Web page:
The House from an 1852 print
The villa (Whitton Place, demolished circa 1847) from a 1769 engraving
House & Family History: On November 3, 2011 Christie’s sold, for £253,250, a pair of circa 1790 polychrome decorated parcel-gilt satinwood secretaire bookcases attributed to George Brookshaw. These were almost certainly supplied to Col. Sir Mark Wood for Piercefield Park and are notable for their painted ovals with landscapes depicting Whitton Place and Shardeloes House.
Garden & Outbuildings: The 3rd Duke of Argyll was an avid gardener who imported large numbers of exotic species of plants and trees and made Whitton Park famous for its gardens (he was nicknamed "The Treemonger" by Horace Walpole). At his death many of his mature trees were moved by his nephew, the 3rd Earl of Bute, to the Princess of Wales's new garden at Kew, which later became Kew Gardens. One of these trees, a black locust, planted in 1762, is still alive at Kew today. The villa (Whitton Place) was demolished circa 1847. The 18th century Whitton Park Greenhouse, which also functioned as an aviary, was converted to a house in the 19th century and demolished in 1912.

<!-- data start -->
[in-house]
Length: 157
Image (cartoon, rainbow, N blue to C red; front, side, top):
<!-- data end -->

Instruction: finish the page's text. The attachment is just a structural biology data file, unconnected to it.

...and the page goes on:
John Bernard (J.B.) Burke, published under the title of A Visitation of the Seats and Arms of the Noblemen and Gentlemen of Great Britain and Ireland, among other titles: Vol. I, p. 173, 1852.
Title: Classical Architecture in Britain: The Heroic Age
Author: Worsley, Giles
Year Published: 1995
Reference: pg. 240
Publisher: New Haven: Yale University Press (The Paul Mellon Centre for Studies in British Art)
Book Type: Hardback
House Listed: Demolished
Park Listed: Destroyed
Past Seat / Home of: SEATED AT THE HOUSE (WHITTON PARK): Archibald Campbell, Lord Ilay, 3rd Duke of Argyll, 1722-61. George Gostling, 18th century; Gostling family here until 1892. SEATED AT THE VILLA (WHITTON PLACE): Sir William Chambers, 18th century. Benjamin Hobhouse, 1809-21.
Current Ownership Type: Demolished
Primary Current Ownership Use: Demolished
House Open to Public: No
Historic Houses Member: No